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Marc Ribot's Review, full length


I’ll confess: Although the Beach Boys were part of my early teenage pop musical landscape I never identified with them. They were simply there: like the Post Office or the glistening gasoline slicks on the branch of the Rahway River trickling through my hometown. 

My own moments of musical revelation began with Keith Richards et al… were soon displaced to the objects of their love/theft…and fixated there happily ever after (with occasional infidelities, regressions, and a trick or two).

So I never regarded my indifference to the Beach Boys as something in need of confession or explanation; let alone apology.

On the other hand, I've admired Smucker’s smart, funny, and passionate writing on pop music since his Village Voice days. And so I found myself running back, half a century later, to re-listen...and damned if Smucker isn't right! There’s something in the Beach Boy’s music that’s simply amazing, and fully deserving of the critical attention it’s received. 

Smucker's mix of unabashed fanboy enthusiasm with razor sharp analysis makes him the perfect teller of this story, which is not only the story of the Boys, but also of the great dry beach of American suburbia on which their popularity surfed. Smucker’s telling intertwines (his own) personal narrative with that of the music/ musicians; and traces their mutual trajectory through our collective political/cultural body. 

In doing so, Smucker pulls off something which is rarer than one might imagine, even in the supposedly enlightened precincts of NYC rock crit: the sympathetic telling of a white story— stripped of the myths of supremacy. 


The crash of the music industry due to silicon valley exploitation will certainly prevent any new acts being able to afford studio time on anything like the scale that enabled the Beach Boys to experiment and create their sound. 

I’ve recorded in some of the LA studios where Brian Wilson worked…many now teetering on the edge of bankruptcy after a decade and a half of Silicon Valley’s “disruption”. The industry crashed by over 60%— estimated at 7 billion annually. 

There has been a slight influx of bread in the last 2 years (we’re now supposedly up to a 5% collapse): but whether this is a real trend or simply market manipulation designed to lift Spotify’s IPO value (so the majors can cash out their equity and write their officers golden parachute retirement packages) is very much up in the air. 

The recording economy which granted Wilson the time and space to interact with great studio musicians and technicians in a state of the art studio is gone for all but a very few. 

Not only did Brian Wilson get the studio: he got a room full of extremely qualified musicians and technicians who helped him realize his ideas. A room full of people getting union scale +: week after week. 

A few star artists who invested their pre-digital $ in record studio and company infrastructure can still afford at least the studio part.. Very few new artists who aren’t independently wealthy can.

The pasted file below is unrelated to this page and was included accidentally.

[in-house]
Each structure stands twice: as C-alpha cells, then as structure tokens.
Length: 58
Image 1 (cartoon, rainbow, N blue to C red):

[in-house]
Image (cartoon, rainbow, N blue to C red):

Working class or lower middle class genius' like Brian Wilson who approach majors now are being forced to sign ‘360 wrap around deals” that would deprive them of the economic and artistic freedom Wilson enjoyed. 

Those approaching indies are being asked, in addition to paying ALL production costs, to pay 3-7000 to “share the risk”. Could the early Beach Boys have worked under those conditions?

The Wrecking Crew didn’t exist in isolation: they were the best out of a large field of hundreds of studio musicians who worked EVERY DAY. I knew some of them: Larry Knechtel, Jerry Scheff, both of whom worked often with Hal Blaine et al. They recorded 3 finished records a DAY for years on end. The field has shrunk exponentially.

Although the benefits of sequencing technology for those who work exclusively through sampled/sequenced sounds are clear: its worth noting that that isn’t how Brian Wilson worked. 

This is in no way a dis to those who do work primarily through digital processes: but there is a lot of auteur theory hype going on around those productions too. A lot more trad studio time put in than often acknowledged. And a lot more money spent on production than is often acknowledged. 

Few hits are simply produced on "a laptop” (although this is often self mythology on the part of artists): virtually all pop needs mic pre’s, compressors, good quality A to D converters, Mastering studio, art work, publicists. 

And most supposedly “viral” hits that “just happened” have the fingerprints of skilled digital publicists (7-12,000 per cd). 

Part of the reason Smucker's book was poignant for me is that Wilson’s life is coterminous with a golden age of US studio production.  Its an art form that is literally being driven out of the economy. With the coming full rationalization of streaming (see MMA bill, see the strong-arming of the last streaming holdouts like ECM), I suspect that the shutdown of the industry that began post Napster is going to be made irreversible. 

There is still some possibility for reforms that would change that (see section 512 DMCA). But its a long shot, and sanguine conclusions aren’t justified at this point.

 — Marc Ribot

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